It has long been a given that harvesting by hand, assuming that you have a suitably talented team of pickers, is better than by machine. Amongst ‘natural’ winemakers this remains an article of faith.
However, having seen a trial picking machine with optical sorting in action on Friday in Chinon and having ridden another advanced machine a couple of years ago in Anjou I have to wonder whether there really is still such an advantage to hand picking.
There is, of course, no doubt that you want to harvest with at least a couple of sweeps through the vines it has to be hand picked. This is particularly true of sweet wines. It was an aberration that picking machine were once allowed in the Coteaux du Layon. Thankfully that loop-hole has been closed for some time. It is also probably true if you want to make top quality dry Chenin Blanc, which has such degrees of ripeness within the same bunch.
But is it true of a more regularly ripening variety like Sauvignon Blanc? Last week in Sancerre a couple of domaines, who are fully committed to hand picking and carry out severe selection procedures in the vineyard and then in the winery, wondered how producers who machine pick are coping with the difficult conditions in 2013.
The answer I suggest lies in how sophisticated a machine they have. A ultra-modern machine, if it is really able to sort grapes properly rejecting rotten ones etc., offers considerable advantages in a vintage like 2013. Harvesting is much faster and you can start earlier and pick later, although too much rain will mean that your machine can’t get into the vineyard without sinking into the mud.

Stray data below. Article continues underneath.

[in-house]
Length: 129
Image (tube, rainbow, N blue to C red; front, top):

Furthermore you avoid the level of French bureaucracy involved in hiring pickers. Jean-Marie Bourgeois (Domaine Henri Bourgeois, Sancerre etc.) told us that it takes three and a half hours just to hire one picker – 90 minutes to fill in the forms and then a further two hours to process the application. I hope this is a slight exaggeration! Should the now hired picker prove to be totally useless they have to be given a week’s notice.
With a machine you should also avoid, or at least have a great albi, when the police arrive to check that all of your pickers are properly registered and aren’t illegal immigrants. We saw a convoy around six police cars around Les Loges (Pouilly-Fumé) last Thursday morning checking ‘vos papiers’!